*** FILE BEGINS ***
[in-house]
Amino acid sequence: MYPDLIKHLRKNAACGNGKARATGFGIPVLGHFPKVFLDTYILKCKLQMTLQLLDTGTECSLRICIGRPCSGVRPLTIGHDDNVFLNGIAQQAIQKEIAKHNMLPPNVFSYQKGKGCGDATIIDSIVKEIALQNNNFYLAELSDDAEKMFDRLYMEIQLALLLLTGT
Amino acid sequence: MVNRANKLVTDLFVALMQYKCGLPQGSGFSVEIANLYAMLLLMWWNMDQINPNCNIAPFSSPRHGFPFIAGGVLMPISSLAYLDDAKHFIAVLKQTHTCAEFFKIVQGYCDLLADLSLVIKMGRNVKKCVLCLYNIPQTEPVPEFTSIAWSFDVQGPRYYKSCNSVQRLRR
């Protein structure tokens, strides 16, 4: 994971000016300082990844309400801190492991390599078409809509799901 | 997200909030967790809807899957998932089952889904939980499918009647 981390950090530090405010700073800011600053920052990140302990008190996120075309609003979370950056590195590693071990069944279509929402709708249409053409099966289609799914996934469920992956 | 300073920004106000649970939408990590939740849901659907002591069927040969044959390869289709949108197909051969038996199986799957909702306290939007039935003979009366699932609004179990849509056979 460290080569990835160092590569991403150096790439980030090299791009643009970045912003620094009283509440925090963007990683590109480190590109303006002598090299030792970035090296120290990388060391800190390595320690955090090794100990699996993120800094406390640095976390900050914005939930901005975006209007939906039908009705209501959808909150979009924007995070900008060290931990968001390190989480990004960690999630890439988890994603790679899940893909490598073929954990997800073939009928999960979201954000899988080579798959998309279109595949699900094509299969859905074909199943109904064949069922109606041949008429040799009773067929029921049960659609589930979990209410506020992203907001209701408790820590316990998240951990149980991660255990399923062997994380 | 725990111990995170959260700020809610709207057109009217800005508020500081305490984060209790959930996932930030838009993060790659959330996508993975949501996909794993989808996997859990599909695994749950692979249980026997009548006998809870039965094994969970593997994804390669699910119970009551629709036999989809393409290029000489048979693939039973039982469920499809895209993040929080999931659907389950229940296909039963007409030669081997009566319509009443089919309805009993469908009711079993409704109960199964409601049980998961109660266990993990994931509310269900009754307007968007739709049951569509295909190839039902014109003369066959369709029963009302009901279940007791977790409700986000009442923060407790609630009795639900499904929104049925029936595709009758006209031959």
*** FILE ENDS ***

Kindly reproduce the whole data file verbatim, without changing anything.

[in-house]
Amino acid sequence: MYPDLIKHLRKNAACGNGKARATGFGIPVLGHFPKVFLDTYILKCKLQMTLQLLDTGTECSLRICIGRPCSGVRPLTIGHDDNVFLNGIAQQAIQKEIAKHNMLPPNVFSYQKGKGCGDATIIDSIVKEIALQNNNFYLAELSDDAEKMFDRLYMEIQLALLLLTGT
Amino acid sequence: MVNRANKLVTDLFVALMQYKCGLPQGSGFSVEIANLYAMLLLMWWNMDQINPNCNIAPFSSPRHGFPFIAGGVLMPISSLAYLDDAKHFIAVLKQTHTCAEFFKIVQGYCDLLADLSLVIKMGRNVKKCVLCLYNIPQTEPVPEFTSIAWSFDVQGPRYYKSCNSVQRLRR
């Protein structure tokens, strides 16, 4: 994971000016300082990844309400801190492991390599078409809509799901 | 997200909030967790809807899957998932089952889904939980499918009647 981390950090530090405010700073800011600053920052990140302990008190996120075309609003979370950056590195590693071990069944279509929402709708249409053409099966289609799914996934469920992956 | 300073920004106000649970939408990590939740849901659907002591069927040969044959390869289709949108197909051969038996199986799957909702306290939007039935003979009366699932609004179990849509056979 460290080569990835160092590569991403150096790439980030090299791009643009970045912003620094009283509440925090963007990683590109480190590109303006002598090299030792970035090296120290990388060391800190390595320690955090090794100990699996993120800094406390640095976390900050914005939930901005975006209007939906039908009705209501959808909150979009924007995070900008060290931990968001390190989480990004960690999630890439988890994603790679899940893909490598073929954990997800073939009928999960979201954000899988080579798959998309279109595949699900094509299969859905074909199943109904064949069922109606041949008429040799009773067929029921049960659609589930979990209410506020992203907001209701408790820590316990998240951990149980991660255990399923062997994380 | 725990111990995170959260700020809610709207057109009217800005508020500081305490984060209790959930996932930030838009993060790659959330996508993975949501996909794993989808996997859990599909695994749950692979249980026997009548006998809870039965094994969970593997994804390669699910119970009551629709036999989809393409290029000489048979693939039973039982469920499809895209993040929080999931659907389950229940296909039963007409030669081997009566319509009443089919309805009993469908009711079993409704109960199964409601049980998961109660266990993990994931509310269900009754307007968007739709049951569509295909190839039902014109003369066959369709029963009302009901279940007791977790409700986000009442923060407790609630009795639900499904929104049925029936595709009758006209031959």